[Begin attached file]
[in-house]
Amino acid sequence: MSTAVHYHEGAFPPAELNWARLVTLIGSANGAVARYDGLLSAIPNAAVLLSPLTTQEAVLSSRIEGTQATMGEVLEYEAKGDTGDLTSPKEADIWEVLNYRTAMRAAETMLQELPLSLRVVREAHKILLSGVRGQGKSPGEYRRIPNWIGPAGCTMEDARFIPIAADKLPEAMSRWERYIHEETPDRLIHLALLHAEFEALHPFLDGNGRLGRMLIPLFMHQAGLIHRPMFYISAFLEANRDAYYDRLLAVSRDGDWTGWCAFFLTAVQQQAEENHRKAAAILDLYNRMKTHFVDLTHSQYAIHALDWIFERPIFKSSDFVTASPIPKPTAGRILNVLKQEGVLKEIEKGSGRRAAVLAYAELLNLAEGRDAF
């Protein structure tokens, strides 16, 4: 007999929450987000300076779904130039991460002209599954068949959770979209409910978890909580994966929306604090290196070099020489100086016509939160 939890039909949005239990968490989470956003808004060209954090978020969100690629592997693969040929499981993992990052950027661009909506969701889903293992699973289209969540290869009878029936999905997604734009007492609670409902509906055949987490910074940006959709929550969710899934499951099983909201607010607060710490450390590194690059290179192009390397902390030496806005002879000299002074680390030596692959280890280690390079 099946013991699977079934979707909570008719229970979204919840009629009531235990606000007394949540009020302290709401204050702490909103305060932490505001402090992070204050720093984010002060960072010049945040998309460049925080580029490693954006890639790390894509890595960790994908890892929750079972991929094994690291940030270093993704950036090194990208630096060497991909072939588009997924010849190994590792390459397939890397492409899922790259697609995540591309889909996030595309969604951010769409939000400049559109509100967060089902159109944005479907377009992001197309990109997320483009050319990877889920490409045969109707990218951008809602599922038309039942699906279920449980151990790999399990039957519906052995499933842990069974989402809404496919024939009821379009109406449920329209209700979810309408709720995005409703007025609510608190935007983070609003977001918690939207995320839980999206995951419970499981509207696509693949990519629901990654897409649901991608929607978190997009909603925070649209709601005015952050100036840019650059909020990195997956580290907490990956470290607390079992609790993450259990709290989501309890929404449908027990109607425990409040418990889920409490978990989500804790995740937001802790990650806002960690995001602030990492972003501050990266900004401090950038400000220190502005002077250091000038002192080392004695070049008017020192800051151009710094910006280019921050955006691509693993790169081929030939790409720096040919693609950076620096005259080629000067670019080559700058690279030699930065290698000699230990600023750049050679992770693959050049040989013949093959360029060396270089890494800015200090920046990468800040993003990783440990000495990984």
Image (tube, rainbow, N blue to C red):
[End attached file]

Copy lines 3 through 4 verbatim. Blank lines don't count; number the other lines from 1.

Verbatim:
């Protein structure tokens, strides 16, 4: 007999929450987000300076779904130039991460002209599954068949959770979209409910978890909580994966929306604090290196070099020489100086016509939160 939890039909949005239990968490989470956003808004060209954090978020969100690629592997693969040929499981993992990052950027661009909506969701889903293992699973289209969540290869009878029936999905997604734009007492609670409902509906055949987490910074940006959709929550969710899934499951099983909201607010607060710490450390590194690059290179192009390397902390030496806005002879000299002074680390030596692959280890280690390079 099946013991699977079934979707909570008719229970979204919840009629009531235990606000007394949540009020302290709401204050702490909103305060932490505001402090992070204050720093984010002060960072010049945040998309460049925080580029490693954006890639790390894509890595960790994908890892929750079972991929094994690291940030270093993704950036090194990208630096060497991909072939588009997924010849190994590792390459397939890397492409899922790259697609995540591309889909996030595309969604951010769409939000400049559109509100967060089902159109944005479907377009992001197309990109997320483009050319990877889920490409045969109707990218951008809602599922038309039942699906279920449980151990790999399990039957519906052995499933842990069974989402809404496919024939009821379009109406449920329209209700979810309408709720995005409703007025609510608190935007983070609003977001918690939207995320839980999206995951419970499981509207696509693949990519629901990654897409649901991608929607978190997009909603925070649209709601005015952050100036840019650059909020990195997956580290907490990956470290607390079992609790993450259990709290989501309890929404449908027990109607425990409040418990889920409490978990989500804790995740937001802790990650806002960690995001602030990492972003501050990266900004401090950038400000220190502005002077250091000038002192080392004695070049008017020192800051151009710094910006280019921050955006691509693993790169081929030939790409720096040919693609950076620096005259080629000067670019080559700058690279030699930065290698000699230990600023750049050679992770693959050049040989013949093959360029060396270089890494800015200090920046990468800040993003990783440990000495990984």
Image (tube, rainbow, N blue to C red):